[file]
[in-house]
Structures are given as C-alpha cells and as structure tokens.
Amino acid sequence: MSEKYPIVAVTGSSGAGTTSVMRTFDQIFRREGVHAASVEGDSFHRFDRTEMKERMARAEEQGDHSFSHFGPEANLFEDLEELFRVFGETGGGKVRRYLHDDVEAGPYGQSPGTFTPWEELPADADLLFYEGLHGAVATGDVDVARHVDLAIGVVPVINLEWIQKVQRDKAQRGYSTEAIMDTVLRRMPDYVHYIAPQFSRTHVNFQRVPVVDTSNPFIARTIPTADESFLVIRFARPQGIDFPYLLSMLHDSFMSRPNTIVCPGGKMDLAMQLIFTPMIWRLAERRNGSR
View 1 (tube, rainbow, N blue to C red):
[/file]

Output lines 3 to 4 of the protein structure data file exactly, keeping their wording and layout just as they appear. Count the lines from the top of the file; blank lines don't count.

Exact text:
Amino acid sequence: MSEKYPIVAVTGSSGAGTTSVMRTFDQIFRREGVHAASVEGDSFHRFDRTEMKERMARAEEQGDHSFSHFGPEANLFEDLEELFRVFGETGGGKVRRYLHDDVEAGPYGQSPGTFTPWEELPADADLLFYEGLHGAVATGDVDVARHVDLAIGVVPVINLEWIQKVQRDKAQRGYSTEAIMDTVLRRMPDYVHYIAPQFSRTHVNFQRVPVVDTSNPFIARTIPTADESFLVIRFARPQGIDFPYLLSMLHDSFMSRPNTIVCPGGKMDLAMQLIFTPMIWRLAERRNGSR
View 1 (tube, rainbow, N blue to C red):